• And this brings me to the thing I think about every day of the year. Of course I want to develop a product that has the most compelling features in the industry. Of course I want to see my product beat out competitors on the biggest deals. But the discipline that the recurring revenue model enforces on us means that customer retention (and that really means customer satisfaction) is simply crucial. To be frank, the same simplicity that makes the cloud so compelling also makes it pretty easy for a customer to switch to a new service provider. So, that means that I am always working to make SparkPost better-performing, easier to use, cost-effective, and a step ahead of my competitors in all the ways that matter to our customers, including email deliverability.

That last lesson is the most important thing any company needs to remember, and doing business in the cloud simply makes it all the more obvious. So, what I learned in 2015 (and will keep focused on for 2016) really is a reminder of what I and my colleagues have always believed: keeping our customers happy is the key to our success. It’s not the technology, and it’s not the marketing, or anything else except you. So a heart-felt thank you from all of us at SparkPost and from me personally. I’m looking forward to an awesome 2016.

—Irina, Cloud Queen 👸

[UPDATE: We’ve had a lot of interest in the on-premise vs outsource debate so we’re updating this post with more information to provide some context on the pros and cons of both camps.]

Whether or not a business decides to go with on-premise infrastructure or outsource to email service providers for managing email streams is a critical long-term choice, and one to which there is no singular answer.  That choice depends on a number of factors, including the size of the business, the volume and frequency of sending, the need for data integration, data privacy, and the need for scalability. While you’ll hear voices on both sides advocate for one solution or another, the reality is that different solutions fit different requirements, and the choice comes down to balancing potential upside with cost and risk.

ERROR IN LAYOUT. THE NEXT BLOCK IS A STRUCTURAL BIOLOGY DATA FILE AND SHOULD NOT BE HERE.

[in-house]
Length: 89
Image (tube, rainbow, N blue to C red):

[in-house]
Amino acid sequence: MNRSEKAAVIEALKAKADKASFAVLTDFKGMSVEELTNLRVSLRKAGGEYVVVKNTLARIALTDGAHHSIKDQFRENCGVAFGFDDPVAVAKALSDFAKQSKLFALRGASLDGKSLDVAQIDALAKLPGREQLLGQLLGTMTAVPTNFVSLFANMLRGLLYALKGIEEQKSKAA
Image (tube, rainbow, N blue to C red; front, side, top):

When looking at the upside comparisons, one might take a look at the findings of a survey published by David Daniels, CEO of The Relevancy Group and former VP / Principal Analyst of Forrester in September 2012. The survey explores the impact of technology deployment on marketing effectiveness.

While results of the survey favor the on-premise camp, there are some instances where outsourcing might work for your business.

The Argument For Outsourcing

Volume

Most businesses really begin enjoying significant cost savings with on-prem when they send 10 million messages a month or more. The 10 million mark isn’t a sharp line, but a decent ballpark figure. If you’re a start-up that is still growing a fledgling database of subscribers with a small email list, then chances are you’ll be pretty far off from the ten million messages a month benchmark. With a small team that is focused on the development of a core business product, start-ups or smaller enterprises might not have the technical resources in-house to really focus, fine-tune and reap the benefits of the on-premise marketing juggernaut of an email infrastructure.  When you move into high-value messaging, transactional messaging, or have complex data integration or stringent delivery SLA requirements, this guideline may well come down.